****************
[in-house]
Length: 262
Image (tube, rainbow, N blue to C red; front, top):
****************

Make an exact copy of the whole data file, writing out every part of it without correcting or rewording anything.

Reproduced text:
[in-house]
Length: 262
Image (tube, rainbow, N blue to C red; front, top):